The First Amendment states, in part, “Congress shall make no law… abridging the freedom of speech, or of the press…” However that was not able to stop the Alien and Sedition Acts from being passed in 1798 – which are still partially in effect today – the creation of the FCC to “regulate the airwaves” or even the prohibitions of journalists from taking cameras or voice recorders into a federal court building.

The claim by some is that these are “reasonable restrictions” and in no way intended to abridge the freedom of the press. After all, I’m able to publish a newspaper and multiple podcasts without getting a permission from any government entity. So freedom of the press must be alive and well in the United States, right?

Not exactly. Reporters Without Border ranks the United States at #43 of the 180 countries that were rated. North Korea was dead last, as many probably expected. What many in the US probably did not expect was for Norway, Sweden, Finland & Denmark to top the list with Netherlands rounding out the top 5. Probably more surprising is that Germany, Suriname, Canada, Czech Republic, Ghana, Cyprus, South Africa, France & the UK all rate ahead of the supposed “land of the free” in their Press Freedom Index.

And before you exclaim, “it’s better than in North Korea, Cuba and Russia”, remember that’s not the argument I’m making. When I say “it can be better here than it is,” I’m not saying the worst places – or perceived worst places – are better. If I order a steak cooked medium-rare, and it’s served well-done, the proper response is not, “well it’s still better than eating out of a dumpster!” But I digress.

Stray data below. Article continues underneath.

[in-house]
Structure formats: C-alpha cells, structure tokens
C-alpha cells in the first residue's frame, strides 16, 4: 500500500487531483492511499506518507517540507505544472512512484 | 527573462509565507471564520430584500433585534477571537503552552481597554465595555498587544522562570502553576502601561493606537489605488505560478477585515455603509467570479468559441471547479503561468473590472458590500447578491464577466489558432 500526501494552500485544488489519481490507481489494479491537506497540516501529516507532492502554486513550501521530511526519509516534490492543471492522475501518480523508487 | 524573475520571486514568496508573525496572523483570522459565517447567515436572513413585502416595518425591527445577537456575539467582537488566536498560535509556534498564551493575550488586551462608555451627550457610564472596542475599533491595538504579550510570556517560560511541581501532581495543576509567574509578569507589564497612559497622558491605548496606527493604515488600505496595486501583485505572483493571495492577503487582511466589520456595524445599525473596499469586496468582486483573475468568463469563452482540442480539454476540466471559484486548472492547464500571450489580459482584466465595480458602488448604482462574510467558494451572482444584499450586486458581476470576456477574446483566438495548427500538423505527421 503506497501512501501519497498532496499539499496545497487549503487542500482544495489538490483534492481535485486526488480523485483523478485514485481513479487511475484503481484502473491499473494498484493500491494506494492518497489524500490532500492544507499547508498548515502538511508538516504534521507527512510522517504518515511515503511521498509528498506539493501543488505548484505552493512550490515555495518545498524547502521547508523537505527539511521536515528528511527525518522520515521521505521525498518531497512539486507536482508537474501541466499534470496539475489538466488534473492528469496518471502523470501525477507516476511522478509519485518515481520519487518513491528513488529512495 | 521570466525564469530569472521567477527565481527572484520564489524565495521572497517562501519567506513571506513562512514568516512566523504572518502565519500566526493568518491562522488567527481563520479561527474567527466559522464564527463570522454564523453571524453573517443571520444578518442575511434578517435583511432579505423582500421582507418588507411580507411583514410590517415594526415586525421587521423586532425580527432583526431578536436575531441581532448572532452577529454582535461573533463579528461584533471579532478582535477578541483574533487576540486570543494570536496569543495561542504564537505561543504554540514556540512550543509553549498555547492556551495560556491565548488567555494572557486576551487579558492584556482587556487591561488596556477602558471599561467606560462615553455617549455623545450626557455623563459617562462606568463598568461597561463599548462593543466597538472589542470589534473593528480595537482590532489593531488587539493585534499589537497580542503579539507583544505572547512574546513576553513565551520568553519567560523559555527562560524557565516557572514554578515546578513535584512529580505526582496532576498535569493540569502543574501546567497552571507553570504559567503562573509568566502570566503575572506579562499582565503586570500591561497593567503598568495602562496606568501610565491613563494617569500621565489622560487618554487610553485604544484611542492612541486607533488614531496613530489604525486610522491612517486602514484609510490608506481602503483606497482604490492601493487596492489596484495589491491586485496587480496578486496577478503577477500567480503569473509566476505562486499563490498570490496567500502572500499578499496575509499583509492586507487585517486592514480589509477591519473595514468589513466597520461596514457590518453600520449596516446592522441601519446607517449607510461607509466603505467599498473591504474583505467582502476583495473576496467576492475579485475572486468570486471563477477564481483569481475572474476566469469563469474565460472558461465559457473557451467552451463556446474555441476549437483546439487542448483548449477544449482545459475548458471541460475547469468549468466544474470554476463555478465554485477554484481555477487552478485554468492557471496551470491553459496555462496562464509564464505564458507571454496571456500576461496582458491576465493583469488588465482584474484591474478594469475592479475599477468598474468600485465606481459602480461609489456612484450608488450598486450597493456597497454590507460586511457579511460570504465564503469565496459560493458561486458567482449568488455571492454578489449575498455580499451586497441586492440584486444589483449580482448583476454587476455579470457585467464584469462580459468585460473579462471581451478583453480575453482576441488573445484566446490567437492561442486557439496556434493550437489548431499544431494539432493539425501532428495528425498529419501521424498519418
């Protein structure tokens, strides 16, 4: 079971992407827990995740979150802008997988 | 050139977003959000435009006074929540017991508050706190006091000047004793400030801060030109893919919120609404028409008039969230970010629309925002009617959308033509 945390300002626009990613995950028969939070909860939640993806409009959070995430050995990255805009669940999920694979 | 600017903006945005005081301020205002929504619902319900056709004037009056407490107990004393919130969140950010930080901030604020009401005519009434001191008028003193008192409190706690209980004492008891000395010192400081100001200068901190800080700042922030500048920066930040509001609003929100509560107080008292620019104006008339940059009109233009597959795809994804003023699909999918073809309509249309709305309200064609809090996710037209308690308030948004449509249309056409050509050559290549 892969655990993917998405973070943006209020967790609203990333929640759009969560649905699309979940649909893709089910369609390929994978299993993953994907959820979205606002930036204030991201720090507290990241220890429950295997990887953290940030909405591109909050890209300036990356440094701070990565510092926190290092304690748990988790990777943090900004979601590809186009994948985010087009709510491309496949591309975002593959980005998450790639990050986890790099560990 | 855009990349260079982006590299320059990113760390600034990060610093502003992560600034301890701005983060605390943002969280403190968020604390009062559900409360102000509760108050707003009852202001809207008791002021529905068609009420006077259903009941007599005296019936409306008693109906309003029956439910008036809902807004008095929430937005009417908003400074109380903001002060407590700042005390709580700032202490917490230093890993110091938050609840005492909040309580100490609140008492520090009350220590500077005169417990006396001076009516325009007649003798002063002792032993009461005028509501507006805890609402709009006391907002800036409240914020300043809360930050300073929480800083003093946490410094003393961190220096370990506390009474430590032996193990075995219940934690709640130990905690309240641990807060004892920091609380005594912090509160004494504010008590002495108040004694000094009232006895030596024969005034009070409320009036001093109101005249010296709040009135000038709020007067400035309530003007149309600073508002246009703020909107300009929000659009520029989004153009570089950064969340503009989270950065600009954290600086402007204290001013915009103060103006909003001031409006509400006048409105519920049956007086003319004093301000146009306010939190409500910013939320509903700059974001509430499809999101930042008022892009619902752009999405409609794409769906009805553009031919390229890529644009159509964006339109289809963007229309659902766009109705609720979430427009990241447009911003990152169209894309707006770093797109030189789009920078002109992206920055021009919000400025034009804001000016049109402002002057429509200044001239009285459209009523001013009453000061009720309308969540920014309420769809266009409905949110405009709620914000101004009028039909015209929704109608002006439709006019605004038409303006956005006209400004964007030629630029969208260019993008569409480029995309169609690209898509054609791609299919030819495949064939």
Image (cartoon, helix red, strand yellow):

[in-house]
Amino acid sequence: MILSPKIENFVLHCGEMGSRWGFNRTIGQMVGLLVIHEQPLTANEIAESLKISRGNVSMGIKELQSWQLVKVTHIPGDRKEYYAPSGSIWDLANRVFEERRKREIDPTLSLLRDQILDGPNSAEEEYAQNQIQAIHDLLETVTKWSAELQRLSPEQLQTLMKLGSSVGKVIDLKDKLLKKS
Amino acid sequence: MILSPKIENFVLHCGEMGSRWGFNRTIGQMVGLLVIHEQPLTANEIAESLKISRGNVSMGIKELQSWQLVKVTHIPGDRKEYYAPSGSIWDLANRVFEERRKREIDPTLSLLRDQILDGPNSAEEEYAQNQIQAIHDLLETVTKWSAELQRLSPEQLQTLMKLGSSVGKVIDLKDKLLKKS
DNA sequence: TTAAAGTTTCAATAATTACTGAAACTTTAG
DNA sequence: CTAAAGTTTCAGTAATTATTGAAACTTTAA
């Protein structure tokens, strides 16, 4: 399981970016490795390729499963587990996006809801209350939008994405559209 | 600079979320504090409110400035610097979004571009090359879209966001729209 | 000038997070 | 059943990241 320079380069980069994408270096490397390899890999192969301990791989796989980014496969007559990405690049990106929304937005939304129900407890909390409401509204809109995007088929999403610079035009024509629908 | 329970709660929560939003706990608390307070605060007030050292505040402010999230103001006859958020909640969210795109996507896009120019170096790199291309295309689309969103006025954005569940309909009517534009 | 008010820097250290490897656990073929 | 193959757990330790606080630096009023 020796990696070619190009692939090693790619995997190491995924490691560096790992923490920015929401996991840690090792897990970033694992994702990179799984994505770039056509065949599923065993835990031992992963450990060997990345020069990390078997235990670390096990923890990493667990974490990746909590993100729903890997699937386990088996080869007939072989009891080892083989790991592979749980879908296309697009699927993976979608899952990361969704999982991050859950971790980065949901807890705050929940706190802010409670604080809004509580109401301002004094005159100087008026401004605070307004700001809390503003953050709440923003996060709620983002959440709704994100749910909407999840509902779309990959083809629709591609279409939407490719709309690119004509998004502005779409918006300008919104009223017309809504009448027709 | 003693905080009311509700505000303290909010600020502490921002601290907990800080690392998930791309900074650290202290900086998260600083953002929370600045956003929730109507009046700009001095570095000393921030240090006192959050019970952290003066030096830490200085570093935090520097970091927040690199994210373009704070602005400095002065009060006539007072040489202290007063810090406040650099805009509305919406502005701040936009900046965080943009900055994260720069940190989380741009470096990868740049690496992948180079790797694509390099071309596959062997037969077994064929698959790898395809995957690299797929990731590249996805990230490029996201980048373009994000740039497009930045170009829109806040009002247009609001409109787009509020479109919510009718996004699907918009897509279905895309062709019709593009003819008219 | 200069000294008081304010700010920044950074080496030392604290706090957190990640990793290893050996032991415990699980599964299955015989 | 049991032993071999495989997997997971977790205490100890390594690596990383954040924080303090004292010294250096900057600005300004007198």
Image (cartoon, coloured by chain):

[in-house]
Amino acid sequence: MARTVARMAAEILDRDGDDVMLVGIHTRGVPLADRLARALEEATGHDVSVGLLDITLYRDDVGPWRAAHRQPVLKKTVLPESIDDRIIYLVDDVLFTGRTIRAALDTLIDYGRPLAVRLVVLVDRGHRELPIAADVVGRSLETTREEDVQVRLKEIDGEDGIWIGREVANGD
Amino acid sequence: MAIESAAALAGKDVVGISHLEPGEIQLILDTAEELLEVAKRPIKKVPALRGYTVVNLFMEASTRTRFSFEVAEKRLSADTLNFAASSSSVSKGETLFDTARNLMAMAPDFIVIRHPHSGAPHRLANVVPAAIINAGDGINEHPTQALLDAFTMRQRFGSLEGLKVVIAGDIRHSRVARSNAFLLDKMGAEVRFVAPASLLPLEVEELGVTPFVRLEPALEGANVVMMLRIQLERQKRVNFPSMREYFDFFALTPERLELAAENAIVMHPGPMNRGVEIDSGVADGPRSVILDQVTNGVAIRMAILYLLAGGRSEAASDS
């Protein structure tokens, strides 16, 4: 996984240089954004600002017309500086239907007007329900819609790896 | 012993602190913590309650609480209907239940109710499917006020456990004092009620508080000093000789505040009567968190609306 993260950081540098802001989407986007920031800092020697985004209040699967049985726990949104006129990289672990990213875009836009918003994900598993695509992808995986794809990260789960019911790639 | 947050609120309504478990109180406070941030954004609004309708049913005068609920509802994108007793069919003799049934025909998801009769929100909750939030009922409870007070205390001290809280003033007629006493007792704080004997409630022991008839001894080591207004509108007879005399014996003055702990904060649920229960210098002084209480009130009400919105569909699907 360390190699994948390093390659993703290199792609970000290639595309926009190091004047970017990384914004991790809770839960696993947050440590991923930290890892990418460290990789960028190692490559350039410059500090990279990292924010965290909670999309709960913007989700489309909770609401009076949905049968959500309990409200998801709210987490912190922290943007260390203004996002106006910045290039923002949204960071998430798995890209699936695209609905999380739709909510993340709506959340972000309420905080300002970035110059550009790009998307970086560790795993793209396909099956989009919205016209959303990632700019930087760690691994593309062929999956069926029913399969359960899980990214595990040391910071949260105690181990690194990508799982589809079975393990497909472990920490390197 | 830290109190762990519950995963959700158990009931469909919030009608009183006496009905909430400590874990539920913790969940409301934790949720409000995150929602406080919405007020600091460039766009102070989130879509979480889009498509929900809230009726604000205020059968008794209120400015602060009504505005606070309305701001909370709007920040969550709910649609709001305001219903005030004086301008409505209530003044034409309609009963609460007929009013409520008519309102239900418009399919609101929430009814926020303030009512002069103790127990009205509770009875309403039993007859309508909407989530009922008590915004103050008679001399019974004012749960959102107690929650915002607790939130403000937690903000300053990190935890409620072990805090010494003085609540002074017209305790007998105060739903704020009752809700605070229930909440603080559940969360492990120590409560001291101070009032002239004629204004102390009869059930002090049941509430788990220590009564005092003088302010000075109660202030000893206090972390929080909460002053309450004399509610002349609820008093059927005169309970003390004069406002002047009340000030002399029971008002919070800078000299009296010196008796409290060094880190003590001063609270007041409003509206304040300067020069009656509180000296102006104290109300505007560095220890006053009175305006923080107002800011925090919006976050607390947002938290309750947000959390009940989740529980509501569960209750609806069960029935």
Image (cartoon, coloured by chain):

There are no footnotes to the First Amendment stating that it only applies to specific people or groups; however the Department of Justice decided in September to order “Russia’s RT television news network to register itself as a ‘foreign agent,’ forcing it to make broad disclosures on contacts within the United States.” According to AntiWar.com, “This registration is an idea that had long been pushed by Congressional Democrats who accuse RT of being a ‘propaganda’ network. The Foreign Agent Registration Act was meant to target foreign lobbyists and politicians” not its media.

Interestingly some of the supposed propaganda being cited as evidence of Russian interference in the Presidential election can be found in a 25 page report from the FBI’s Director of National Intelligence which states on page 6 of Annex A, “In an effort to highlight the alleged ‘lack of democracy’ in the United States, RT broadcast, hosted, and advertised third-party candidate debates and ran reporting supportive of the political agenda of these candidates. The RT hosts asserted that the US two-party system does not represent the views of at least one-third of the population and is a ‘sham.’”

You read that right, the FBI claims that hosting a debate with presidential candidates who aren’t part of the Duopoly is propaganda. Does the FBI fear a well-informed populace? If so, why?

The solution here is not to restrict freedom of the press, but rather to encourage more of it in hopes that the corrupt will be exposed for their attempts to stifle dissenting opinions.